Career Watch

Ask a Premier 100 IT Leader: Jessica Carroll

The managing director of information technologies at the U.S. Golf Association answers questions on skills, leadership and staying in IT.

What skills do you think will be most valuable to acquire in 2010? Adaptability, an understanding of the evolving cloud environment and the ability to listen to the needs, initiatives and obstacles across all areas of your organization will be key. To succeed in technology, you need to do more than understand the mission of your company -- you need to understand where and when to apply emerging technologies to help drive forward the most critical goals. In 2010, it will be pivotal to lay the groundwork for long-term cloud strategies for your organization. Use of the cloud, as an alternative to traditional data centers, will become standard over the next few years. The question that each IT leader needs to answer is where this new business tool fits and how to adapt it to effectively enhance your company's work processes.

What have been your best lessons on leadership? The best lesson was probably one of the most painful to learn: You cannot expect to be an IT leader by simply keeping the network running and your end users happy every day. The role of IT is far more intricate than that. It is significantly important to see your organization as part of a much larger picture, with technology as the catalyst that moves corporate initiatives forward. You have to see the long-term vision and be able to encourage the changes needed in order to implement these initiatives by working closely and, most significantly, in step with all levels of staff companywide.

2009 was a rough year for me, with pay cuts and constant worry about layoffs. Thankfully, I've survived so far, but I sometimes wonder whether there might be a less stressful way to make a living. My problem is that I love technology. What keeps you going in IT day to day? I am motivated by the constant and ever-changing challenge of technology. While most of the time IT is indeed a stressful career, it has its intellectual satisfactions, and probably the greatest of those is anticipating problems before anyone else can see them coming. Last year, the economic situation, in all of its awfulness, also afforded a chance for us to get creative. It forced us to think differently to solve problems more efficiently, and it opened everyone's minds to trying new technologies. A great example of this at our organization was the need to cut travel costs to the bare minimum and yet still provide rich outreach to all of our constituencies. Our IT group had already established use of the cloud as an interactive business tool, and with online services for live presentations and meetings, self-paced online education, and collaboration via Web portals, we were able to seamlessly meet those needs. It's solving just these kinds of problems that makes working in technology so rewarding.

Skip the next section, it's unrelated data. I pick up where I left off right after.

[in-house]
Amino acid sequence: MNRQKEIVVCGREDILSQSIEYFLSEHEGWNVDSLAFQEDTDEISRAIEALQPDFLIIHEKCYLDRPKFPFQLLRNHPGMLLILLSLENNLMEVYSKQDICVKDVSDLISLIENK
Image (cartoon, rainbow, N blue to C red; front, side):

Job Competition

You already know that Detroit is a tough place to get a job these days, and you might be aware that one of the more stable employment sectors right now is government. Juju.com arrived at the same conclusions by calculating the number of unemployed people available for each advertised job in 50 top metropolitan areas. Here are the top and bottom five. You can learn about other locales by visiting the press area of the company's Web site.

Metropolitan area Unemployed people per advertised job
1. Washington, D.C. 1.93
2. San Jose 2.5
3. Baltimore 2.93
4. Salt Lake City 3.22
5. New York 3.32
46. Los Angeles 10.82
47. Riverside, Calif. 11.9
48. Miami 14.06
49. St. Louis 18.63
50. Detroit 20.01
Source: Juju.com, January 2010, using its own data and unemployment figures from the Bureau of Labor Statistics

Compiled by Jamie Eckle.

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